A God in Ruins by Kate Atkinson
Readers who enjoy Virginia Woolf will also love Kate Atkinson. She has that same scatty stream of consciousness style, although this book is more ordered than her first book Behind the Scenes at the Museum. Like Virginia Woolf the more you read her work the easier it gets, you get used to her style and the way she expresses herself. After a diet of linear, but thought provoking, carbs, being faced with a steak and the prospect of having to chew, comes as a bit of a shock, but too many carbs makes you fat and lazy.
The fact that each year is in chapters does help and makes it more readable, unlike the first book. As a reader you have to believe there is a reason and order to things even if you can’t see if from looking at the chapter headings – 1944, 1925, 1980, 1947, 1939, 1993, 1951, 1942-3, 1982, 1943, 1960, 2012, 1944, 2012, 1947.
We start with Teddy flying in the war, then we see his childhood and his mother, father and siblings. Setting out the characters and the background of the novel. In 1980 Viola, Teddy’s only daughter, is 28 and it centres on her relationship with her partner Dominic and her two children. 1947 sees Teddy and Nancy married and their relationship is a contrast to their daughters in the previous chapter. There are also the wider family interactions and how both Teddy and Nancy adapt to civilian life after the war. 1939 was when Teddy first intended to propose to Nancy, he is 25 and there is the idea that he should be married by then. A declaration of war appears to have interrupted this and we see him joining the RAF. 1993 sees Teddy old and dealing with the inevitable downsize of moving into an old age pensioners flat. Viola and to a certain extent the children appear insensitive to his memories in their efficiency and practicality. 1951 is the year of Viola’s birth and proves to be Teddy’s only child. If 1939 saw Teddy joining the RAF and gaining his training 1942-3 sees him flying in the war and looking after his comrades. 1982 looks at Sunny, Viola’s son and his relationship with Dominic’s family and the difference in attitudes. 1943 sees Teddy have a brief sexual encounter with a young woman in the ATS after getting engaged to Nancy. 1960 we learn of Nancy’s illness and the brain tumour. 2012 is about Teddy’s decline, but also Viola’s change of career and writing, her even greater self-absorption. 1944 sees Teddy back in the war with the first squadron he flew with. This could represent his memories of what happened, in the sense of life passing before your eyes. 2012 also sees Bertie married and have twins. Sunny has become a spiritual teacher in Bali and this brings us up to date with the character’s lives. The final chapter raises the question what if Teddy had died in the war? Nancy would have married someone else and Sunny and Bertie would never have been born.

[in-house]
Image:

The only reason for adopting a non-linear approach is to focus the reader’s attention, provide a contrast between two situations and although I have missed some detail in the above summary I do not think this book does enough to justify its structure. If you want to contrast Teddy and Nancy’s marriage with their daughter this can be done through references and does not need the structure of the book to be altered. We get glimpses of Viola, Sunny and Bertie’s lives and how different they are to the previous generation, but again I do not see how the structure adds to this. In the Guardian’s Review of the book they suggest the non-linear structure creates mystery and withholding the fact that Nancy dies when Viola is still so young is the answer to why Viola is so ‘monstrous’ throughout the book. The butterfly effect is common to all wars and that if our parents or grandparents were killed in a war then we would never exist. At the end of the book she is suggesting this is what Teddy’s life could have been like if he had lived, but that then begs the question why give him a life of tragedy where his wife dies young? Perhaps that says more about me and my eternal optimism.
The language of the book is careful, concise and impressionistic, like all post-modern works, but put in a linear order I don’t think it says anything new. My initial thoughts remain, it is not as difficult as some of her other books, but I am not a fan.